Dear Prime Minister,
One week ago, the European Commission adopted the Enlargement Package, including the Annual Report on Albania. On the same day, GRECO published its addendum to 2018 compliance report.
They both offer the chance to step back, reflect on progress made and discuss the way ahead regarding the fight against corruption in Albania.
We welcome the GRECO report, which shows progress since July 2018 and aligns with the Commission assessment on most findings.
When it comes to the fight against corruption, the Commission considers that Albania has “some level of preparation” to enter the European Union. This is our technical language to say that Albania has still much work to do
In the past year, Albania has continued its efforts to improve the track record on investigating, prosecuting and trying corruption cases. Especially, we have seen a number of convictions of lower and middle-ranking officials.
Needless to say that the justice reform and especially the vetting contribute directly to the fight against corruption. Of the more than 286 magistrates that underwent vetting, so far 62% have been dismissed from office, mostly for unjustified assets, or resigned. The vetting process and its results remain crucial in the fight against corruption and to restore public trust in the judiciary and law enforcement bodies of the State.
In the past year, we have seen major progress with the establishment of justice reform institutions. The new General Prosecutor has been appointed, SPAK was established. The Chief Special Prosecutor was appointed in December 2019. With 13 out of 15 Special Prosecutors in function, the Special Prosecution Office is fully operational. The Director of the National Bureau of Investigation was also appointed by the High Prosecutorial Council and is the selection committee is, as we speak, selecting the investigators of this prestigious unit.
The role of HIDAACI in detecting conflicts of interest and checking asset declarations has been strengthened by the adoption of the Law on whistle-blowing and whistle-blower protection. And, as put forth by GRECO, we look forward to the online asset declarations and control system to go online on the HIDAACI’s website in January 2021. I am glad that the EU, the US and the Council of Europe have partnered to support this development.
All that being said, the overall state of play is that corruption does remain widespread in Albania and is still. a serious concern for the EU and our Member States.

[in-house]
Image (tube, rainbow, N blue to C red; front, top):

It requires further structured and consistent efforts. Final convictions in cases involving high-level officials remain far too low. This is something we, unfortunately, have been assessing in all our previous reports. As we have seen in a number of other countries – including in the European Union – you need these high-level convictions for society to understand that no one is above the law.
On this, we have high expectations that SPAK and the SPAK Courts will significantly strengthen the capacity to investigate, prosecute and issue final convictions in corruption cases. It is promising for example that investigations have been launched against 23 magistrates disqualified by the vetting, including 9 from Constitutional and High Court.
Finally, on fighting money-laundering –which is a closely related topic also monitored by the Council of Europe (MONEYVAL) – our annual report is also calling for further actions. On that front, it is key that all recommendations of the Action Plan agreed with the Financial Action Task Force are implemented in due time. We know that positive steps have already been taken but efforts should continue.
When it comes to the fight against corruption, the European Union is one of the strongest partners of Albania. Since the first major intervention to fight corruption in 2009, the EU has invested over EUR 20 million in this sector. This includes direct support to the institutions through Twinnings, a sector reform contract snd cooperation with the Council of Europe through the Horizontal Facility. I am proud that we also directly support civil society organisations working in the field throughout the country.
Those interventions have directly or indirectly contributed to the achievement of the GRECO recommendations that are being discussed today. EU-funded projects have contributed to the introduction of a regulatory framework on lobbying and the improvement of the Law on Political Party Financing. EURALIUS has also been instrumental in ensuring the efficient functioning of the new institutions.
For the coming years, we have already identified new support under a Good Governance sector reform contract, as well as more opportunities for civil society to contribute from their side.
Ladies and gentlemen,
To conclude, the Commission agrees with GRECO’s conclusions that progress has been made. We are also looking forward to the report of the 5th GRECO evaluation round.
Corruption erodes trust in public institutions and in democracy, it hampers foreign investment, it costs taxpayers millions at a time of economic and financial crisis, and in many cases, it helps organised crime do their dirty work.
Fighting corruption is a whole-society effort, it will only be won if everyone is on board: government, civil society, academics, media, in short: society as a whole. There is no single clear-cut solution to this problem. It needs to be fought from various angles at the same time, with clear political will and a robust institutional framework. To aim at a deeper cultural shift towards a society that fully values honesty and integrity.